Backpacking recipe – Chicken Quinoa. 

I tried a backpacking recipe on a soda can alchohol stove On my Altoid tin stove tonight.  I rather liked it,  so I am putting it here so I can find it again if I remember to look here. 

Chicken Quinoa

  • 1/2 cup quinoa
  • 1 Tbsp dried chives
  • 1 packet of True Lemon
  • 1/4 tsp ground coriander
  • 1/4 tsp ground cumin
  • 1/4 tsp paprika
  • 1 3-once foil packet of chicken

I used Lemon Essential oil because that is what I carry. I also used a tin can of chicken,  water and all, so it was too wet,  so I added some gelatin to thicken it a bit. Also,  parsley instead of chives.  It would have been better with the chives. 
Recipe is from http://www.wildbackpacker.com/backpacking-food/recipes/backpacking-dinner-recipes/ with more like it. 

I built an Altoids tin multi-fuel backpacking stove

I spent an hour or two on Youtube the other night, coming up with ideas for this. So, none of the ideas are original to me, but I didn't see a multi-fuel setup or a capillary action alcohol stove out of a Altoids tin. 

97 grams as it currently sits. It will gain a little bit of weight as I add a small fero rod and jigsaw blade, wind screen and protective wrap. The tin will be the handle for the small saw. I am also going to add a leather wrap around the tin. The wrap is to contain the parts and also be used for a base for keeping tinder dry when making a campfire. The leather thong will be long enough for a bow-drill.

The capillary stove is pretty cool. The fuel wicks up inside the metal wick by capillary action. The metal gets hot, vaporizes the fuel, and it burns. The X shape of the wick is to increase the amount of flame area while providing good air flow to the flame. The X is a slice of a soda can, folded down to the shape.
Currently, I have a problem with boiling of the fuel before it can vaporize, so the stove will spit little fire balls nearly a foot away! It needs work yet.

In album 2015-02-11

Capillary action alcohol stove burning. The fluid wicks up between the thin gap in the soda can wick. The hot metal vaporizes the alcohol, which then burns well. This will burn like this for 5 minutes on 6ml of denatured alcohol and then burn out in a matter of seconds.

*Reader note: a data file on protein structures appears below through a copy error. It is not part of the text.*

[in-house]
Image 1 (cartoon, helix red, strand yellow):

All packed up. Everything fits into a regular Altoids tin.

This is in liquid fuel mode. The burner sits inside the tin which has the bolt stand offs to hold the pot. The mesh grate isn’t used in this form.

Wood burning mode. Small sticks can be placed between the pot stand posts. The grate allows air to get under the fire for better burning.

The pot stand is sized to work with metal water bottles.

1 gallon paint can Pocket Rocket Heater

I needed to make something today… so I decided to make a “pocket rocket heater”. These are a small sized high air flow wood stove that sounds like a rocket as they suck so much air.

I decided to make mine “right” so I used an old, dried up paint can that was in the basement when I bought the house and some speghetti sauce cans. Ok, the “doing it right” ment I went out and bought vent pipe. I got a double walled gas water heater pipe, a 3″ to 4″ reducer, a variable elbow and a length of 4″ pipe. Dang is that stuff spendy! $40! Well, a bag of perlite is in there too.

I initially wanted to make a downdraft gravity fed unit, but that’s going to be really challenging to pull off in a paint can. So I made a simpler side feed unit.

Tin snips to cut out a whole in the side of a paint can.
Tin snips to cut out a whole in the side of a paint can.
A big hole for a speghetti sauce can for the wood inlet part.
A big hole for a speghetti sauce can for the wood inlet part.
The inside of the Pocket Rocket
The inside of the Pocket Rocket
Two cans intersect, so I cut a few tabs so they interface well
Two cans intersect, so I cut a few tabs so they interface well
This bit of can gets marked, cut and bent as well
This bit of can gets marked, cut and bent as well
Looking down, you can see that the 2 cans interface cleanly.
Looking down, you can see that the 2 cans interface cleanly.

Its not done, but I decided to fire it anyhow, if only using cleaning out the paint as my excuse. It needs a fire shelf so air can flow under the wood and then up through the fire. It also needs the fire area enclosed so I can insulate the can with the perlite.

It burns even when missing the fire shelf and the burn chamber not being enclosed inside the can.